Vitamin A for nerve cells
University Medical Center Freiburg (Germany), April 1, 2021
Neuroscientists agree that a person’s brain is constantly changing, rewiring itself and adapting to environmental stimuli. This is how humans learn new things and create memories. This adaptability and malleability is called plasticity. “Physicians have long suspected that remodeling processes also take place in humans at the contact points between nerve cells, i.e. directly at the synapses. Until now, however, such a coordinated adaptation of structure and function could only be demonstrated in animal experiments,” says Prof. Dr. Andreas Vlachos from the Institute of Anatomy and Cell Biology at the University of Freiburg. But now Vlachos, together with Prof. Dr. Jürgen Beck, head of the Department of Neurosurgery at the University Medical Center Freiburg, has provided experimental evidence for synaptic plasticity in humans. In addition to Vlachos and Beck, the research team consists of Dr. Maximilian Lenz, Pia Kruse and Amelie Eichler from the University of Freiburg, Dr. Jakob Strähle from the University Medical Center Freiburg and colleagues from Goethe University Frankfurt. The results were presented in the scientific journal eLife.
In the experiments, the team investigated whether so-called dendritic spines change when exposed to a vitamin A derivative called retionic acid. Dendritic spines are the parts of the synapse that receive, process and transmit signals during communication between neurons. As such, they play a crucial role in brain plasticity and are constantly adapting to everyday experience. For example, learning can change the number and shape of dendritic spines. However, a transformation in the number or shape of the spines is also found in diseases such as depression or dementia.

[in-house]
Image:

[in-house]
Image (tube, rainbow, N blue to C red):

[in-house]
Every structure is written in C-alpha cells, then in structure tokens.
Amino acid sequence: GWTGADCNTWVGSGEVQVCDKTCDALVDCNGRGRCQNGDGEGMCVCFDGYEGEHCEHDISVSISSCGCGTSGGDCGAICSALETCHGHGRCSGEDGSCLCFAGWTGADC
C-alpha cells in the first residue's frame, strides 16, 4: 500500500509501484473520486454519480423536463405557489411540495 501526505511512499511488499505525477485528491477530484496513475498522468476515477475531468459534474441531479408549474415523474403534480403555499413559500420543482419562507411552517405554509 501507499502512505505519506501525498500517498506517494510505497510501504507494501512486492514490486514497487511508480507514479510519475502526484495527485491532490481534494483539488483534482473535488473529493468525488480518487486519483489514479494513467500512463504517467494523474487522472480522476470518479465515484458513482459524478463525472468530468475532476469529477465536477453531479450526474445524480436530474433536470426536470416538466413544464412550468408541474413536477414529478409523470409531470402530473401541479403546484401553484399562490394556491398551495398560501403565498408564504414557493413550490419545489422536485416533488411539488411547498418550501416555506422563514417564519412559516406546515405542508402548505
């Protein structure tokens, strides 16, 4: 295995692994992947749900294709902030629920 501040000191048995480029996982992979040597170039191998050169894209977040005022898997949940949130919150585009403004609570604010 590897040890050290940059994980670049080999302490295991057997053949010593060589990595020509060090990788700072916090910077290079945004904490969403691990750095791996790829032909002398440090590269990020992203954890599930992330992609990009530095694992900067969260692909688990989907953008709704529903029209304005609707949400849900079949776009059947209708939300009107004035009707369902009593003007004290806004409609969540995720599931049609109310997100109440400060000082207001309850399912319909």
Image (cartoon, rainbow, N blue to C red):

The research shows that retinoic acid not only increases the size of dendritic spines, but also strengthens their ability to transmit signals between neurons. “We have concluded from our results that retinoic acids are important messengers for synaptic plasticity in the human brain. Thus, this finding contributes to the identification of key mechanisms of synaptic plasticity in the human brain and could support the development of new therapeutic strategies for brain diseases, such as depression,” says Vlachos.
To experimentally demonstrate that synaptic plasticity also exists in humans, the researchers use tiny samples of human cerebral cortex, which must be compulsorily removed during neurosurgical procedures for therapeutic reasons. The removed brain tissue was then treated with retinoic acid before functional and structural properties of neurons were analyzed using electrophysiological and microscopic techniques.
Study: Chemical compound in certain essential oils promotes wound healing
Indiana University, April, 2021
A study from Indiana University revealed that a chemical compound in essential oils may enhance wound healing, especially when applied topically. According to co-author Sachiko Koyama, essential oils – like those from lavender, rosemary, ylang-ylang and black pepper – contain a chemical compoundcalled beta-caryophyllene. This contributes to improved wound healing, based on a murine model.
“This is the first finding at the chemical-compound level showing improved wound healing in addition to changes in gene expression in the skin,” said Koyama.
Beta-caryophyllene may decrease inflammation and accelerate re-epithelialization. The latter refers to the restoration of structure and function of injured tissues. During this process, epithelial cells at the wound start to migrate and cover the injured area. The researchers added that beta-caryophyllene may prevent cell death, allowing cells to survive and proliferate.
“I thought maybe wound healing would be accelerated if inflammation was suppressed, stimulating an earlier switch from the inflammatory stage to the next stage,” she added.
The team also noted increased gene expression of hair follicle stem cells in the treated tissue. This potentially indicate that there’s more to wound-healing activity of beta-caryophyllene than just activating genes.
“It’s possibly more complicated,” she added. “Our findings suggest the involvements of some other routes in addition to CB2. I hope to clarify the mechanisms of action in the near future.”
Koyama, a social neuroscientist at Indiana University, said that she wasn’t interested in studying essential oils at first, as her field of expertise was in pheromone and social status. However, her interest was sparked when she saw students working on the wound healing process in mice. She knew from experience that beta-caryophyllene can also activate cannabinoid receptor 2 (CB2), which has anti-inflammatory and analgesic properties.